Startup Valuation: How to Calculate the Value of your Business
Common methods of startup valuation. What information do you need to evaluate the company and where to find it?
Valuation of a startup is a process of determining its value based on the analysis of a number of indicators. To fully evaluate a startup, you need to get information about its revenue, risks, gains, losses, and other data.
The goal is to provide entrepreneurs and investors with comprehensive tools for making decisions on whether to buy, sell, or fund startups.
What is a startup valuation?
Valuation is biased by its nature. Apart from real factors, people rely on subjective conjectures and rough assumptions — such as the approximate forecast of sales growth for the next three years. Thus, the valuation of a startup should be perceived at best as an educated guess, with a certain error margin.
Who needs startup valuation and why?
There are two ways of evaluating a company: through its market value or internal value.
The market value, obviously, reflects the company’s value from the market’s point of view. The overall economic situation might make it change because of external factors. Therefore, businesses can be overvalued or undervalued. The market valuation is more relevant for public companies. Startups, as a rule, remain private and are not publicly traded.
The internal value reflects the company’s real price in isolation from the current market. The overall economic situation does not influence it that much. Since startups usually lack market valuation, investors focus on their internal value.
Startup valuation enables analysts to calculate its internal value with less regard to the market. However, analysts are not the primary beneficiaries in this case.
Founders are the first ones to resort to startup valuation. They use this data for the following processes.
- Selling the startup or shares in it, calculating the value of shares
- Establishing more substantive communication with investors when searching for funding
- Increasing people’s trust in the startup through a transparent cost assessment
- Calculating the value of the warrants that the employees have already purchased or are planning to purchase
- Calculating the taxes for employees who own shares or warrants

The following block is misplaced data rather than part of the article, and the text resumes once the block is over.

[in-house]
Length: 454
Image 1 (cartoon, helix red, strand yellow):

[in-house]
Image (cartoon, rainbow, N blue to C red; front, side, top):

- Calculating the preliminary share price (409A valuation) when issuing warrants
- Estimating the company’s success and the dynamics of its development, comparing it with other market players
- Building the development strategy
- And much more.
Equally, venture companies and M&A departments in corporations resort to startup valuation in order to:
- track fluctuations of their portfolio value,
- analyze the prospects of a particular acquisition,
- use the evaluation data to negotiate the purchase of a share in a startup,
- sell their shares in a startup (exit).
Investment bank specialists use startup valuation to provide efficient support to clients regarding the issues of purchase and sale as well as investment. The evaluation data is important for compiling industry reports and attracting new customers.
Finally, the least active category is retail investors — that is, individual non-professional market players. They require access to the valuation data of public companies to make investment decisions. These include startups that have gone public. Such information enables investors to diversify their portfolios and maintain a balance when allocating investments.
Which data do you need to evaluate a startup?
Financial reports. Detailed information about gains and losses allows you to compile forecasts for funds transfers, profit, and growth rate. Startups with good growth prospects have a higher evaluation.
Managerial experience. The professionalism and experience of the startup team affect the estimated value of the business, especially when the management has a track record of other successful projects. If the CEO is the only driving force behind the startup, investors will regard this as a risk factor.
Market conditions. External factors should be taken into account: the state of the economy and the sector, the level of interest rates, average wages, competition. For instance, a startup that has appeared in an overly popular niche will receive a lower value appraisal.
Intangible assets. Reputation, trademarks, customer base — all these factors are not subject to objective valuation. Yet they can significantly affect the final verdict.